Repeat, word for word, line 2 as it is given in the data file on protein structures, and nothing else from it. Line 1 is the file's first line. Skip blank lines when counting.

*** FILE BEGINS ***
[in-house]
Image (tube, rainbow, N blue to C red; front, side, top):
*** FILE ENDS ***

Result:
Image (tube, rainbow, N blue to C red; front, side, top):